IT and Business Insights for SMB Solution Providers

Making the Switch from MSP to Vendor

Three MSPs talk frankly about their journey from courting end customers to wooing fellow IT providers.

By Ellen Muraskin

What motivates an MSP or VAR to jump the fence into the vendor community? And what advice do these jumpers have for those considering the same move? Those are questions we put to three entrepreneurs who’ve recently made, or are still making, the switch.

In all cases, the impetus started with the product, typically software that was developed in-house to solve their own problem, because no one else had yet. They arrived at something that so improved their own operation that fellow MSPs told them they’d buy it.

That’s how Chris Day, CEO of IT Glue, based in Vancouver, British Columbia, now finds himself selling a knowledge base/documentation solution that got new hires at his MSP, Fully Managed, up and running much more quickly, and that continues to propel his old business. A software tool his developer brother built and improved over the years, it replaced a mixed collection of SharePoint, spreadsheets, and other tools.

Kirill Bensonoff developed software to help his MSP business,, get the best bang for the cloud commodity buck. His startup, Unigma Inc., based in Framingham, Mass., now offers “unified cloud management,” a performance monitoring, automation, and cost-analytics service for public clouds.

Bensonoff finds himself in a very different world now. “If you choose to do software development or build a product, you need a lot more money to start [than an MSP does],” he says. He recommends taking a year after product development to learn the intricacies of your target market and “to make small pivots if you find the initial design isn’t what people are looking for, especially in the services space.” Bensonoff raised money through a few investor acquaintances, but bootstrapping is recommended by the others. “Most of the VC world doesn’t understand the MSP space,” Bensonoff explains.

Dan Gordon left his 20-year-old IT consultancy months ago to devote full time to San Francisco-based Wanpath LLC and, a service that enables companies to replace sync and share services and “cloudify” their own storage servers for remote access without VPNs or SSL configuration. On the plus side, he finds it exciting to be working with marketing people and tools (he uses Infusionsoft). He’s got checklists he’s never had before: deploying ecommerce software, creating a partner portal and program, doing PR, and speaking at conferences as part of Microsoft’s Enterprise Cloud Alliance. Day, too, says he enjoys the sales and marketing side.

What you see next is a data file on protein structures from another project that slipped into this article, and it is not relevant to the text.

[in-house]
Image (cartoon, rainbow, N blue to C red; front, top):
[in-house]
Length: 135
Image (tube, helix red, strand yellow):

On the down side, the vendor route requires a greater leap of faith. According to Gordon, “There’s no immediate customer feedback” when ramping up. The hardest part? “Being torn in two directions: trying to manage the old firm and be involved in partner meetings and strategic planning, and trying to extricate yourself from day-to-day operations while you’re setting up a new business.” Even after a couple of years preparing and launching his startup, he says, he’s still 10 percent in the old business.

“It’s a bigger responsibility ... for me to switch from infrastructure management and services into working full time with developers—people who have different engineering goals and tasks,” notes Bensonoff, who now has to pull together more metrics on more fronts, including marketing, sales, and development.

It’s also been a switch away from personal customer relationships. “They’re not buying me, they’re buying the product,” says Bensonoff. “If there’s a fit with what buyers are looking for, they’ll give it a try whether they know me or not. In the MSP world, if they’re going to entrust the network to you, they’re buying you. That’s a big difference.”

Bensonoff and Gordon agree that MSP customers are tough nuts to crack, both because they’re typically so busy and because years of exposure to vaporware has built up a thick outer layer of skepticism. They’ve discovered newfound sympathy for the fellow vendors whose marketing messages they once ignored.

Gordon also sees marketing as a completely different experience now. “As an MSP, we may only get a couple of leads a month, but our close rates can be 50 to 70 percent. One lead can result in quite a bit of recurring revenue. As a vendor, you can get a dozen downloads a day, multiple partners signing up, and [you’re not getting] through to any of them. You’re also marketing on a much wider scale, sending emails, doing webinars, making phone calls. As MSPs, that’s all new to us.”


About the Author

Ellen Muraskin is a freelance writer based in Morris Plains, N.J.


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